Monday, September 26, 2016

The Artful Stingray

Here I am smiling before I went into the Pacific Ocean in Solana Beach, CA. There I got stung by the fish you do not want to encounter.Then I didn't smile so much.
It was  the  stingray, which is a cartilaginous fish that uses sensors to get signals from its prey. Then it strikes! I was in his turf, therefore its perceived enemy. Related to the shark, it hides in the sand, below the surf.150 million years on this earth, this creature has a good " art of survival". It is almost impossible to see, until the barb enters your body, in my case, the foot. 
Clever bit of artful camouflage, this ancient creature. It has some more hidden attributes for survival. The barb is covered in spines, and venom secreting cells that release upon contact.We have heard about the famous adventurer that died  when his heart was pierced. 
The problem is to get all the venom out. The pain is excructiating . When I went to the lifeguard station they had me put my foot is very hot water for two hours. Felt better for a while.Still after a week, it is in pain again, and I am trying natural methods to pull out the toxins along with  20th century antibiotics.
 So I guess this is one piece of art I hope to never see again, and that all of you catch them at the aquarium only!

Wednesday, September 7, 2016

Chief Joseph's Words in Calligraphy

Here is a recent calligraphy piece I created with the words of  Chief Joseph,the Nez Perce leader who died in September of 1903. In his time, he was as well known as  current political leaders of today. Politics and art, nothing new, only our interpretation.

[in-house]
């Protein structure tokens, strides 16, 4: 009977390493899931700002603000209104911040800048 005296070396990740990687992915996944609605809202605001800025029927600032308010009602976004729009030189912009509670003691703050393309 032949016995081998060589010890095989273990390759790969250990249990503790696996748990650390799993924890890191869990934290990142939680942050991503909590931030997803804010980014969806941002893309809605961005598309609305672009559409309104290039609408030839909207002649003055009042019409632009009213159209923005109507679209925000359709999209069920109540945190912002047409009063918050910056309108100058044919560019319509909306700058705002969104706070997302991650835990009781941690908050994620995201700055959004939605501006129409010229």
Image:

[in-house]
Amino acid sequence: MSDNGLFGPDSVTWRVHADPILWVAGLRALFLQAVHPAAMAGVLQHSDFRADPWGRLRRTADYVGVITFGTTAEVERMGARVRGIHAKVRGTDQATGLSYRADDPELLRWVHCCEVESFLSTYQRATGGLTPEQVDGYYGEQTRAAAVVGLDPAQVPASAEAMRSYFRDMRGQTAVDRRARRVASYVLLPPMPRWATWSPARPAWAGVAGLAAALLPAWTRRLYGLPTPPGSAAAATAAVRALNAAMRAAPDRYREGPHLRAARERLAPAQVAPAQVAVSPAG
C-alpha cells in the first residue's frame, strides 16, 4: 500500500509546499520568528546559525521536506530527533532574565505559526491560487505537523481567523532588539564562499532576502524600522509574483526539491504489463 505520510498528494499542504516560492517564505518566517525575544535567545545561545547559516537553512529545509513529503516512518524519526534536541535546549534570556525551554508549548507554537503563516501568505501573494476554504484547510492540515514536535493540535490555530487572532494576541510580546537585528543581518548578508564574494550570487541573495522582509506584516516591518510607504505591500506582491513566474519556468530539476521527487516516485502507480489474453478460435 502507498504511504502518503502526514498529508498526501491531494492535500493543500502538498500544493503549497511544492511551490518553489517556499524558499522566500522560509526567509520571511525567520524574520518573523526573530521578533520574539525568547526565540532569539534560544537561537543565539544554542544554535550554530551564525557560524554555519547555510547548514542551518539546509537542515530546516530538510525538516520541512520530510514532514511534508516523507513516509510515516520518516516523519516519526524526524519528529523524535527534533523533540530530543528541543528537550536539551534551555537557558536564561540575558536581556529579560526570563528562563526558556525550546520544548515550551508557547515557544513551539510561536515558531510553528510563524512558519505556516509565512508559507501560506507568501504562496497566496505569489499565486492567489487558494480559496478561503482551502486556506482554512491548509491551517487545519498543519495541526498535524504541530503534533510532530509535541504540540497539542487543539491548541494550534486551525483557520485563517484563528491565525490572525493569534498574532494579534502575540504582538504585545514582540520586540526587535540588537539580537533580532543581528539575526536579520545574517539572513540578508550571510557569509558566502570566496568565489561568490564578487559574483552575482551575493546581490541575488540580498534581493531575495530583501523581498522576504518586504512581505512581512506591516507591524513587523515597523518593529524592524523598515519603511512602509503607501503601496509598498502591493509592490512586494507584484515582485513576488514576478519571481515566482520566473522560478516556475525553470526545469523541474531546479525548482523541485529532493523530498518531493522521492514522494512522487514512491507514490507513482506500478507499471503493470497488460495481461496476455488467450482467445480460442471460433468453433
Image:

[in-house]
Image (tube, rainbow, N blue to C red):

I chose to write out these words in the Italic alphabet, using sepia brown ink, to convey a sense of timeliness.  I carved a grass design stamp, and applied green watercolor to  bottom edge to bring in the outdoors, and embellish the border.  As I often do with my Native quotes, I used feathers to decorate and lend a certain feeling and attention to the history of these words.
 I chose this quote because it still seems so relevant to us all, over 100 years later. " All men are brothers. The earth is the mother of all people, and all people should have equal rights upon it..." . In 1873, Chief Joseph  negotiated with the government to stay on his historic and beloved Wallowa reservation northeastern Oregon. In 1877 the US reversed its policy and gave the tribe 30 days to relocate. Chief Joseph led his people on  a 1,170 mile fighting retreat,  trying to reach political asylum in Canada. Pursued by General Howard, the coverage by the newspapers led to wide recognition. He was caught; surrendered, and sent to the Colville Reservation, away from the rest of the tribe. There he  continued to speak  out eloquently against the injustices he saw.
 In 1903 he visited Seattle. Meeting  Edward Curtis, the photographer, led to the images of him that we have today. He also visited President Theodore Roosevelt. Always, he asked for the return of his lands.
I am drawn to the words of this man: their poetry; the relevance to the world today. I want my calligraphy to have meaning, as well as beauty.